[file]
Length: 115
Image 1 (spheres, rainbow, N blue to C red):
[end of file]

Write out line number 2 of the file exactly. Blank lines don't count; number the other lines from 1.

Image 1 (spheres, rainbow, N blue to C red):